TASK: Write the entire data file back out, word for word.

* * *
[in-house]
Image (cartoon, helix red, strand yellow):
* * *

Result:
[in-house]
Image (cartoon, helix red, strand yellow):